FORT WASHINGTON, Pa, October 14, 2008 – Verilogue, a leading pharmaceutical market research firm that captures and analyzes authentic physician-patient interactions, will discuss the opportunities that exist to understand and shape customer attitudes and behaviors at the clinical point-of-practice. Specifically, Verilogue’s case study presentation at the Pharmaceutical Market Research Group (PMRG) Institute in Philadelphia later this month will examine the influence physician communication behaviors have on patients’ willingness to accept treatment recommendations and take specific brands.
“The dialogue that occurs between physicians and patients is a fertile, untapped source of information,” noted David Franke, Verilogue’s Manager of Analytics. “From a linguistic and discourse perspective, we are able to understand how real-time information is communicated, interpreted and internalized by both physicians and patients in clinical settings. What’s exciting is linking these communication practices to latent and explicitly expressed physician and patient attitudes, revealing opportunities to shape the information and relational exchanges that occur between physicians and patients.”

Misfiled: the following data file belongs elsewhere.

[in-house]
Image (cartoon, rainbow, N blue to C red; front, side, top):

Verilogue’s presentation will demonstrate how three complementary views into data – traditional market research, linguistic and discourse analysis, and natural language processing algorithms – can provide deep insights into the relationship between physician and patient values, attitudes and beliefs, market events, and corresponding clinical and health-related behaviors.
“This presentation illustrates the rich findings Verilogue’s approach and technology uncovers — findings that cannot be derived from more traditional market research methods,” remarks Jamison Barnett, Verilogue’s Vice President. “By analyzing hundreds of authentic physician-patient interactions within and across several disease categories, we are able to identify and interpret a wide range of behavioral and attitudinal trends among broad and specific physician and patient segments,” added Mr. Barnett.